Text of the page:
The chief medical officer said it was ‘utterly unacceptable’ for the disposable vape giant to market its products to adolescents
Chris Whitty (of “next slide please” fame) has come out swinging against the rising number of young vapers.
“I think everyone agrees that marketing vaping, an addictive product, with … unknown consequences for developing minds, to children is utterly unacceptable,” the chief medical officer told MPs on Tuesday. “Yet it is happening. There’s no doubt it’s happening because, although from a low base, the rates of vaping have doubled in the last couple of years among children. So that is an appalling situation.”
While it is illegal to sell vapes to under-18s, as Whitty says, national surveys suggest that the proportion of young people aged 11 to 17 who vape has nearly doubled in just two years. The popularity of disposable vapes, such as Elf Bars, has also soared: in the last quarter of 2021, the UK's leading online vape platform IndeJuice saw a 279 per cent increase in sales of disposable vapes. Additionally, on TikTok – where the overwhelming majority of users are Gen Z – #elfbar has over 1 billion views.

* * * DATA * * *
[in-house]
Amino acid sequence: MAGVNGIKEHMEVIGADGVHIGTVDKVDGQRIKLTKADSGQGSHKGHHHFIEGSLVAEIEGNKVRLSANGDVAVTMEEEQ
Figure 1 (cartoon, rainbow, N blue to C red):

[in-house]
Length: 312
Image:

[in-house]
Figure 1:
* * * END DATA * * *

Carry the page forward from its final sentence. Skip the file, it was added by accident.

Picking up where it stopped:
Whitty went on to single out Elf Bar as one of the worst-offending brands. “Disposable vapes [...] like Elf Bar are clearly the kinds of products which look as if they’re being marketed, in reality, at children.“ It’s a valid criticism: Elf Bar sells e-cigarettes which come in a range of bright colours and sweet flavours, including cotton candy, blue raspberry and cola. “Is it reasonable to have, in any case, flavours and colours that are clearly aimed at essentially encouraging people to vape who may well not be vaping at all?” he continued.
He added: “I think we should look very seriously at these products for which the child market appears to be the principal market and say: ‘Why are we considering this to be a good thing to have?’”
Whitty isn’t keen to outlaw vaping, however. He stressed that e-cigarettes can be a valuable harm-reduction tool, and reiterated that vaping is far safer than smoking cigarettes. “Everyone agrees, I think, that it is far safer for someone to vape than to smoke,” he said. “So if the choice has to be between one of two of those – they’re smoking heavily now, they want to come off smoking, and they can move on to vaping, they can’t just completely stop, then that is a net benefit in health terms.”
“Vaping has an important role as a public health tool to help smokers who are addicted … to come off smoking.”
Speaking to Dazed in May last year, Hazel Cheeseman, deputy chief executive at Action on Smoking and Health (ASH), reiterated these sentiments. “If products are hitting the streets that have a big appeal among never-smokers, then this is something new and needs to be carefully monitored,” she said.
“While vaping is very much less risky than smoking – one in two smokers will die of a smoking-related illness – it is not risk-free. This is something the government will need to keep monitoring to make sure that the massive benefits to society from smokers switching are not undermined by non-smokers taking up vaping.”